As with everything right now, it seems like it’s all about the ups and downs. On the bright side (fingers crossed), there could be some big news by the end of the day on getting baseball going and a little bit of summer normalcy. On the other hand, the unemployment rate is still high and the Federal Reserve says we’ve got a ways to go yet.
I hope everyone had a good weekend. Let’s get to it!
Some of the economic analysis used in this report was provided by Econoday.1 Let’s run through it!
MBA Mortgage Applications
Mortgage applications were up 9.3% overall with a strong increase in refinance applications, which was up 11%. Meanwhile, applications to purchase homes were up 5% for the week and have now gone up 13% compared to the same time a year ago.
In this survey, the average rate for a 30-year conventional fixed mortgage was up a single basis point to 3.38% last week.
Consumer Price Index (CPI)
The CPI is one measure of inflation in the economy. As we talked about in the past, it’s a good thing if prices go up a little bit because it encourages people to spend their money now which keeps the broader economy going. However, it’s not looking too great right now.
Prices on the consumer side fell 0.1% in May, and that number was matched even when food and energy were taken out, so it can’t be completely blamed on low oil prices, although energy costs were down 1.8% for the month. The price of car insurance has gone down quite a bit as well. With many companies still having the majority of their workforce work from home, people aren’t driving as often. At least in theory, this means less accidents, and insurance companies have been pricing accordingly, with the cost of auto insurance down 8.9% after falling 7.2% in April. The cost of airfare was also down 4.9%.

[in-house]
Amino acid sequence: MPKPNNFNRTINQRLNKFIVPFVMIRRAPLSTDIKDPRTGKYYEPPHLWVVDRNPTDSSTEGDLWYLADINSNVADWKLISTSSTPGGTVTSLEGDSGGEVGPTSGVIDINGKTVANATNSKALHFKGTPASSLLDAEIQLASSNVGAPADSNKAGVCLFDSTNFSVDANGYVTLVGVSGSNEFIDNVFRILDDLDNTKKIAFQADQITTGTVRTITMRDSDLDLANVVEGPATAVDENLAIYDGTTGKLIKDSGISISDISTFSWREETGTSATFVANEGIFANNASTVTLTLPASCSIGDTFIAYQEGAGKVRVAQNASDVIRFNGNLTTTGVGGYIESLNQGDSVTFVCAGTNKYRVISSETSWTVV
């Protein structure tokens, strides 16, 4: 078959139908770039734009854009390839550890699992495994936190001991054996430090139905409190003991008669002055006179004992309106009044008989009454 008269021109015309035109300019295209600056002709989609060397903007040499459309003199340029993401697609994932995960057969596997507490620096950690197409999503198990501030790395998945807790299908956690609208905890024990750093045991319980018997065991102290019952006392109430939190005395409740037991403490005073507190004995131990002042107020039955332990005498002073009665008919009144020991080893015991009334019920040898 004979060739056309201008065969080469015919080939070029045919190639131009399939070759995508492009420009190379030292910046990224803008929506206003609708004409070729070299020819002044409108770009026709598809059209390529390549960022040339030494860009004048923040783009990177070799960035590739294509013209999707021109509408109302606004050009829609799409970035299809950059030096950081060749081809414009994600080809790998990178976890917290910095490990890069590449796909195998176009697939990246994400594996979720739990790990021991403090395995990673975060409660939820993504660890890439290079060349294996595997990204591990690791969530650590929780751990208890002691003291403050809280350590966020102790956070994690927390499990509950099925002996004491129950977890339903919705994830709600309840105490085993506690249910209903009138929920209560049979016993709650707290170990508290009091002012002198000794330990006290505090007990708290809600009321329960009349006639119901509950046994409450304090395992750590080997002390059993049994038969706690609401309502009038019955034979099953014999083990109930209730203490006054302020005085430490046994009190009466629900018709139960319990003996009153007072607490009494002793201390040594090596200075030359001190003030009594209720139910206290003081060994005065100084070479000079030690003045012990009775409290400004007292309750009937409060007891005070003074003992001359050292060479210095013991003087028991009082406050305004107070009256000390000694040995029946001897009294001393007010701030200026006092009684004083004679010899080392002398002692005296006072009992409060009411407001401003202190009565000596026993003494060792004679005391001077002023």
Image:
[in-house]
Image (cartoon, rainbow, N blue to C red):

The cost of shelter was up 0.2% for the month. The cost of rent and homeownership were both up 0.3%, but this was slightly upset by the fact that the cost of staying away from home went down 1.5%. The cost of food is up 0.7% overall and the expenses for eating at home were up 1%, largely thought to be because people are eating out less. Also, there may be some truth to talk of a run on meat as beef prices were up 10.8%. Finally, the cost of medical care was up 0.6% for the month after being up 0.5% each of the prior 2 months.
Overall inflation was up just 0.1% since last May, and up only 1.2% in core categories (excluding food and energy).
Initial jobless claims were down 355,000, still elevated at 1.542 million last week. Meanwhile, the 4-week moving average was down 286,250 to come in at 2.002 million.
On the continuing claims side, these were down 339,000 to settle at 20.929 million. Among those who qualify for unemployment insurance, this rate was down 0.2% to 14.4% of the workforce. This number isn’t falling as fast as might be hoped. On the continuing claims side, these were down 404,750 to come in at about 22.988 million.
Producer Price Index (PPI)
Prices on the production side were a little more encouraging from an inflation perspective. They were up 0.4% on the month but are still down 0.8% overall for the year. When food and energy were taken out, prices fell 0.1%, but have gone up 0.3% since last May. Meanwhile, when further removing retail and wholesale services, prices were up 0.1% on the month, but have fallen 0.4% on the year.
Energy prices were up 4.5% in May and food prices were up 6% as the government paid 9.8% more for the food it purchased. The energy price rise was also after a couple of deep declines. Meanwhile, the trade service prices for retail and wholesale were down 0.8% in May after a couple months of moderate rises.
Consumers were decidedly more optimistic in preliminary numbers for June as sentiment increased by 6.6 points to come in at 78.9. Expectations were up 7 points while the current conditions assessment was up 5.5 points.
Meanwhile, consumers continue to expect inflation to rise fairly rapidly despite the fact that the numbers have yet to bear that out. In the year ahead, expectations are up to 3%. Meanwhile, over the next 5 years, expectations for price increases are up 2.6%.
Before we get to the actual numbers in terms of mortgage rates from last week, we should probably go over what’s been driving the markets since Wednesday. At the conclusion of its team meeting, the Federal Reserve poured a little cold water on market expectations for a V-shaped recovery. Saying there were just too many unknowns surrounding COVID-19, they said it could be a while before we get back to where we were and some jobs that existed before this might never return.